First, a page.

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PsychologyOur news, events & seminars

Multitasking, Cognitive Abilities and Well-Being Seminar

Time:
16:00 - 17:00
Date:
8 November 2012
Venue:
Building 44 Room 3095 Shackleton Building University of Southampton Highfield Campus Southampton SO17 1BJ

For more information regarding this seminar, please telephone Allyson Marchi on 02380 599645 or email A.Marchi@soton.ac.uk .

Event details

There is a rapidly increasing trend in media multitasking (using two or more media concurrently). However, research on media multitasking's impacts is too sparse to inform the general public and policy makers whether media multitasking should be encouraged, managed, or minimized. Furthermore, there is room for improvement in existing measures of media multitasking.

There is a rapidly increasing trend in media multitasking (using two or more media concurrently). However, research on media multitasking's impacts is too sparse to inform the general public and policy makers whether media multitasking should be encouraged, managed, or minimized. Furthermore, there is room for improvement in existing measures of media multitasking.

The present study used an innovative computerized instrument – the Survey of the Previous Day – to quantify media multitasking as well as other forms of multitasking. Qualitative data from the open-ended section of the survey were used to derive psychosocial variables via language analyses. Further questionnaires were used to measure a variety of well-being related variables; experimental tasks were used to assess a few aspects of cognitive ability. Data obtained from 138 participants were analysed. The results show that greater multitasking that involved at least one form of media was associated with higher impulsivity and longer response time; however, such multitasking did not have widespread adverse effects on wellbeing. Multitasking involving only non-media activities was positively associated with sociability and the factor of making distinctions. It seems that, at least for the present sample, multitasking may not be as bad as it has been perceived or assumed.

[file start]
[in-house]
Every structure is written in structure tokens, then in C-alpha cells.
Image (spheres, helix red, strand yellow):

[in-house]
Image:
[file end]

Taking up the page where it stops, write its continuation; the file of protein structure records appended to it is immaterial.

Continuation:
Speaker information

Dr Shui-I Shih,Lecturer and Upgrade Tutor to Postgraduate Research Programme, University of Southampton BS (Psychology) – National Taiwan University, Taiwan PhD (Cognitive/Experimental Psychology), New York University, New York, USA (supervisor - Professor George Sperling)

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